A recently surfaced 2008 report from the American Civil Liberties Union (ACLU) examined how the United States might respond to a pandemic and warned against “law enforcement and national security-oriented measures” that cause “freedom and the rule of law [to be] permanently suspended.”
“The threat of a new pandemic will never subside. But the notion that we need to ‘trade liberty for security’ is misguided and dangerous,” the ACLU warned. “Public health concerns cannot be addressed with law enforcement or national security tools. If we allow the fear associated with a potential outbreak to justify the suspension of liberties in the name of public health, we risk not only undermining our fundamental rights, but alienating the very communities and individuals that are in need of help and thereby fomenting the spread of disease.”
The ACLU’s warning that the “suspension of liberties in the name of public health” could alienate individuals appears to be representative in the current COVID-19 vaccine hesitancy – with a recent poll finding 20% of Americans would either definitely refuse the vaccine or only agree to be vaccinated if they were required by their job or school.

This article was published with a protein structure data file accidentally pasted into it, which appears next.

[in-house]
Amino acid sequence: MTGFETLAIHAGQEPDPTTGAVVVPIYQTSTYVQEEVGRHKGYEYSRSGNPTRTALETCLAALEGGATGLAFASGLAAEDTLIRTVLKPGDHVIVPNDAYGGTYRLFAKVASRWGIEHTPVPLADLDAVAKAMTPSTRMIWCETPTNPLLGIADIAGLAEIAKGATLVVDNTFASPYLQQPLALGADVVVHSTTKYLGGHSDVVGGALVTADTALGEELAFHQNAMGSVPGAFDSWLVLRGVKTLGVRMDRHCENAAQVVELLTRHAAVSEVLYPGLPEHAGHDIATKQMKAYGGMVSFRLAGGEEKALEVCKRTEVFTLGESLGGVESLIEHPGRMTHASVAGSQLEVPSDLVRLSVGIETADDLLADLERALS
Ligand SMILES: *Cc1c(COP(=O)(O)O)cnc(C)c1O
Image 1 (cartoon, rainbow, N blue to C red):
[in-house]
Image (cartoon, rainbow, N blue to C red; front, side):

Seemingly forecasting the ongoing calls for lockdowns as new variants of COVID-19 continue to be discovered, the ACLU wrote, “The law enforcement approach to public health offers a rationale for the endless suspension of civil liberties. The ‘Global War on Terror’ may go on for a generation, but the war on disease will continue until the end of the human race. There will always be a new disease, always the threat of a new pandemic. If that fear justifies the suspension of liberties and the institution of an emergency state, then freedom and the rule of law will be permanently suspended.”
After analyzing America’s historical response to disease outbreaks, the ACLU concluded, “Highly discriminatory and forcible vaccination and quarantine measures adopted in response to outbreaks of the plague and smallpox over the past century have consistently accelerated rather than slowed the spread of disease, while fomenting public distrust and, in some cases, riots.”